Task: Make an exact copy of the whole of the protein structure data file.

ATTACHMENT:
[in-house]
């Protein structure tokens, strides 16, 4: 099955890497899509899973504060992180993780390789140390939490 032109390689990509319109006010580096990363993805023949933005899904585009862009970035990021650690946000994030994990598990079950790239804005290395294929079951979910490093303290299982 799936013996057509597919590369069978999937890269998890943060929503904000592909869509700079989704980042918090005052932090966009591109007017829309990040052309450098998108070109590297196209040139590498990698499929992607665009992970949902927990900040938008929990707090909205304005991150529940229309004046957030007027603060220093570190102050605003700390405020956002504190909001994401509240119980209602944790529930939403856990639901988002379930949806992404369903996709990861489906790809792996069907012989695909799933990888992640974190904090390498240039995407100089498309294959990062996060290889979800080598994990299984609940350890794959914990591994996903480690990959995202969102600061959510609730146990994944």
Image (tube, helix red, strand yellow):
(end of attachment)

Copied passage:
[in-house]
């Protein structure tokens, strides 16, 4: 099955890497899509899973504060992180993780390789140390939490 032109390689990509319109006010580096990363993805023949933005899904585009862009970035990021650690946000994030994990598990079950790239804005290395294929079951979910490093303290299982 799936013996057509597919590369069978999937890269998890943060929503904000592909869509700079989704980042918090005052932090966009591109007017829309990040052309450098998108070109590297196209040139590498990698499929992607665009992970949902927990900040938008929990707090909205304005991150529940229309004046957030007027603060220093570190102050605003700390405020956002504190909001994401509240119980209602944790529930939403856990639901988002379930949806992404369903996709990861489906790809792996069907012989695909799933990888992640974190904090390498240039995407100089498309294959990062996060290889979800080598994990299984609940350890794959914990591994996903480690990959995202969102600061959510609730146990994944």
Image (tube, helix red, strand yellow):